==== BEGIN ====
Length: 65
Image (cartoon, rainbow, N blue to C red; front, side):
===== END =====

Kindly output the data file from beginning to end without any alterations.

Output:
Length: 65
Image (cartoon, rainbow, N blue to C red; front, side):